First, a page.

* NAB economists join growing pool of analysts seeing Oct rate cut
* Energy sector best performer
* Wealth manager IOOF top gainer on benchmark (Updates to close)
By Nikhil Subba
Sept 23 (Reuters) - Australian shares rose on Monday, as hopes of an interest rate cut by the central bank at its October meeting firmed up following last week’s dismal domestic unemployment data.
The S&P/ASX 200 index rose 0.3%, or 18.9 points, to close at 6,749.70. The benchmark ended up 0.2% on Friday.
Investors have their focus on the Sept. 24 dinner speech by Reserve Bank of Australia (RBA) Governor Philip Lowe, for any hints on the timing of the October policy easing, which may further shape market expectations.
Financial futures now predict a 76% chance of a rate cut by the RBA to 0.75% at its Oct. 1 policy meeting, after the country’s jobless rate worsened to a one-year high of 5.3% in August. Prior to the data, the probability stood at 50-50.
Further cementing the case, economists at National Australia Bank on Friday became the latest to join a growing pool of analysts predicting a third interest rate cut by the country’s central bank in October, citing slowing economic growth and a smaller chance of fiscal support.
“The low interest rate environment generally fosters more investment into equities and has helped give the Aussie market a bit of a boost in the past few sessions,” said James Tao, market analyst at CommSec.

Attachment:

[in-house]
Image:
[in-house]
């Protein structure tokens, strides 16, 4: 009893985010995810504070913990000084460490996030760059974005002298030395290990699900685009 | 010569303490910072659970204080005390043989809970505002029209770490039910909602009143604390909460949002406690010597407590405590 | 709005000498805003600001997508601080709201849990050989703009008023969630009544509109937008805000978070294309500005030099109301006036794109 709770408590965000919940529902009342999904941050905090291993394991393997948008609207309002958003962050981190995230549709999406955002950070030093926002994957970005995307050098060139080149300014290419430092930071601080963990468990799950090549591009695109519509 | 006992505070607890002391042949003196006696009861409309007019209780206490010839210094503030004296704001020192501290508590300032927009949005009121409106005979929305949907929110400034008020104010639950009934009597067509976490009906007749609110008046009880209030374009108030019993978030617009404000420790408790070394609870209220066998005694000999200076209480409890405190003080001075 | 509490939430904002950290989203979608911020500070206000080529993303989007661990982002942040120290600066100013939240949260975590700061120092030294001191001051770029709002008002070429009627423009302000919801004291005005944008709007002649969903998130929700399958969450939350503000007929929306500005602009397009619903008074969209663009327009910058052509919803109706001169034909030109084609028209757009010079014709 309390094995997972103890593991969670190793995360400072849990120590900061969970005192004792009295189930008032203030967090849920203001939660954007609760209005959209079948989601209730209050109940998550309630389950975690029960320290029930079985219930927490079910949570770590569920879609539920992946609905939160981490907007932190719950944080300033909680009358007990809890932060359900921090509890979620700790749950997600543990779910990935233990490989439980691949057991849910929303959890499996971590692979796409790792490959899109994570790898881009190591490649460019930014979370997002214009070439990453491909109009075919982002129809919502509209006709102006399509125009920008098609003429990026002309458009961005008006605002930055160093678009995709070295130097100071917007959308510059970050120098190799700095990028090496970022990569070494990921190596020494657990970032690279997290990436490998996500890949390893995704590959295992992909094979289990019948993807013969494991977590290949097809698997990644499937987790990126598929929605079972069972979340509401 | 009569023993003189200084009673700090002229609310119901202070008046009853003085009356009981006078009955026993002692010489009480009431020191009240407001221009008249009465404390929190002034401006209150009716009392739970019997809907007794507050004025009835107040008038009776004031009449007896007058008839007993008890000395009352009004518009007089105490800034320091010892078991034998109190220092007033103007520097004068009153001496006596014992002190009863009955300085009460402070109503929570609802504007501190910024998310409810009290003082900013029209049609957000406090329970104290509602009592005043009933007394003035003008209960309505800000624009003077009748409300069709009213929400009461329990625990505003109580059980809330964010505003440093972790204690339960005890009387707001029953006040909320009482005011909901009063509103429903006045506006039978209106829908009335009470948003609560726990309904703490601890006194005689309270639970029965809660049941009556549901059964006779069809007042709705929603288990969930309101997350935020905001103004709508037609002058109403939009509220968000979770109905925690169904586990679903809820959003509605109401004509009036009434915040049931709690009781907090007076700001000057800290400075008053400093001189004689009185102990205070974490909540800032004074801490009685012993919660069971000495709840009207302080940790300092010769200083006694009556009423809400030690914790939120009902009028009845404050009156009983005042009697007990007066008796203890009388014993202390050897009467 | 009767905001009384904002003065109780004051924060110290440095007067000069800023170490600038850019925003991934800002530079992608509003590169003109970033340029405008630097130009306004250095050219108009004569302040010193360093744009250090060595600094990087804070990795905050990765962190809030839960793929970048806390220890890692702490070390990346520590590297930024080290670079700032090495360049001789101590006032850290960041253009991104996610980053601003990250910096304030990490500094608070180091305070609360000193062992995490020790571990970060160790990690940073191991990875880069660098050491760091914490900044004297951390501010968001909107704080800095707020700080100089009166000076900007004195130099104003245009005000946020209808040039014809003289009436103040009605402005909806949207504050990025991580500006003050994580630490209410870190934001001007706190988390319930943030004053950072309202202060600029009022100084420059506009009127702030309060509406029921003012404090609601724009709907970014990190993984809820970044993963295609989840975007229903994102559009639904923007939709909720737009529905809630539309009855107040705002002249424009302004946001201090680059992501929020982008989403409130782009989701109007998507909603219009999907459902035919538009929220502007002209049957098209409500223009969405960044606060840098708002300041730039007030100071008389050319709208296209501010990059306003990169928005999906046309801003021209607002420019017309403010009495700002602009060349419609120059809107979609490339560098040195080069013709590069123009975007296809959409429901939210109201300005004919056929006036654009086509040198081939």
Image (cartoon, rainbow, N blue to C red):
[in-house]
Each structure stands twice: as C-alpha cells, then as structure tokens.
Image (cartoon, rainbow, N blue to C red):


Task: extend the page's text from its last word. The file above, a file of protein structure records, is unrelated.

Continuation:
The Australian energy index gained 0.7% at close, lifted by higher oil prices, with industry heavyweight Woodside Petroleum rising 1%, and Oil Search finishing up 1.1%.
Financials were buouyed by IOOF Holdings’ 12% gain, after brokerage Macquarie upgraded the wealth manager to “outperform” from a “neutral” rating, following the Melbourne-based company’s win in the landmark case against Australia’s banking watchdog on Friday.
Two of the “Big Four” banks ended the session in the positive territory.
The mining index logged in a 0.2% gain at close, as China steel futures edged up, rebounding from a two-week low on tightening supply. The subindex also benefitted from higher iron ore prices.
The world’s largest miners BHP Group and Rio Tinto both ended marginally higher.
Across the Tasman sea, New Zealand’s benchmark S&P/NZX 50 index ended up 0.4%, or 43.9 points, at 10,873.33, buoyed by energy and industrial stocks.
Auckland International Airport rose almost 2% and was the top gainer on the New Zealand benchmark, followed by telecommunications company Spark New Zealand which ended about 1.8% higher.
Reporting by Nikhil Subba, Rashmi Ashok and Shreya Mariam Job in Bengaluru; Editing by Rashmi Aich